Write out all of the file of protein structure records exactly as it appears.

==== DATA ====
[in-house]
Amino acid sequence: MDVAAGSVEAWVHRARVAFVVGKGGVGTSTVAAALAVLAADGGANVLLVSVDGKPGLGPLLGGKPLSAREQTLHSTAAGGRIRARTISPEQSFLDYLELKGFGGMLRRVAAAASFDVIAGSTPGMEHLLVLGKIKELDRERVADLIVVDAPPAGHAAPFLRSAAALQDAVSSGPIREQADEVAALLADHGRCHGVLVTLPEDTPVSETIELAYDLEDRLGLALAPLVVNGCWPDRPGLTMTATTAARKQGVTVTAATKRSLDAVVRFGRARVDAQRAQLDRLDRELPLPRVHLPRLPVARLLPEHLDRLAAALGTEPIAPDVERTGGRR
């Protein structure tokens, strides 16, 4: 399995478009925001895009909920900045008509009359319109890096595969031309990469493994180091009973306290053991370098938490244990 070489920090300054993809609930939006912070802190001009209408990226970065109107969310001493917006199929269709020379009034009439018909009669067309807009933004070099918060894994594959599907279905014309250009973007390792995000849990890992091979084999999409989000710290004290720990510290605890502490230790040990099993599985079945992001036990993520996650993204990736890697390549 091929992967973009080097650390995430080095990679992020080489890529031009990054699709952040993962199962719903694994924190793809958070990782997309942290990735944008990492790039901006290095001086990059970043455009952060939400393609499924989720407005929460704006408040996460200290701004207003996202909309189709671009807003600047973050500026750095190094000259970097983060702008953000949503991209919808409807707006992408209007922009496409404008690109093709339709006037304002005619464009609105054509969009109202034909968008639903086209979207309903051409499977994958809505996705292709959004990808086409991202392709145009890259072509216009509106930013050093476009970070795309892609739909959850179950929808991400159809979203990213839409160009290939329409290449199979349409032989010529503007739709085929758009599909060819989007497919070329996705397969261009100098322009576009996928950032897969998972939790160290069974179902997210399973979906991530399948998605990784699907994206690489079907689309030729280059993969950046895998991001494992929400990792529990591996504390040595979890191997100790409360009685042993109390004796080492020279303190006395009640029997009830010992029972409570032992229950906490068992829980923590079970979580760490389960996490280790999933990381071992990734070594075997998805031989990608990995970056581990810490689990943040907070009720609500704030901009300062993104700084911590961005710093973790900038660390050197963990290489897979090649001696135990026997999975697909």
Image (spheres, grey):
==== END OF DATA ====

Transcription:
[in-house]
Amino acid sequence: MDVAAGSVEAWVHRARVAFVVGKGGVGTSTVAAALAVLAADGGANVLLVSVDGKPGLGPLLGGKPLSAREQTLHSTAAGGRIRARTISPEQSFLDYLELKGFGGMLRRVAAAASFDVIAGSTPGMEHLLVLGKIKELDRERVADLIVVDAPPAGHAAPFLRSAAALQDAVSSGPIREQADEVAALLADHGRCHGVLVTLPEDTPVSETIELAYDLEDRLGLALAPLVVNGCWPDRPGLTMTATTAARKQGVTVTAATKRSLDAVVRFGRARVDAQRAQLDRLDRELPLPRVHLPRLPVARLLPEHLDRLAAALGTEPIAPDVERTGGRR
């Protein structure tokens, strides 16, 4: 399995478009925001895009909920900045008509009359319109890096595969031309990469493994180091009973306290053991370098938490244990 070489920090300054993809609930939006912070802190001009209408990226970065109107969310001493917006199929269709020379009034009439018909009669067309807009933004070099918060894994594959599907279905014309250009973007390792995000849990890992091979084999999409989000710290004290720990510290605890502490230790040990099993599985079945992001036990993520996650993204990736890697390549 091929992967973009080097650390995430080095990679992020080489890529031009990054699709952040993962199962719903694994924190793809958070990782997309942290990735944008990492790039901006290095001086990059970043455009952060939400393609499924989720407005929460704006408040996460200290701004207003996202909309189709671009807003600047973050500026750095190094000259970097983060702008953000949503991209919808409807707006992408209007922009496409404008690109093709339709006037304002005619464009609105054509969009109202034909968008639903086209979207309903051409499977994958809505996705292709959004990808086409991202392709145009890259072509216009509106930013050093476009970070795309892609739909959850179950929808991400159809979203990213839409160009290939329409290449199979349409032989010529503007739709085929758009599909060819989007497919070329996705397969261009100098322009576009996928950032897969998972939790160290069974179902997210399973979906991530399948998605990784699907994206690489079907689309030729280059993969950046895998991001494992929400990792529990591996504390040595979890191997100790409360009685042993109390004796080492020279303190006395009640029997009830010992029972409570032992229950906490068992829980923590079970979580760490389960996490280790999933990381071992990734070594075997998805031989990608990995970056581990810490689990943040907070009720609500704030901009300062993104700084911590961005710093973790900038660390050197963990290489897979090649001696135990026997999975697909």
Image (spheres, grey):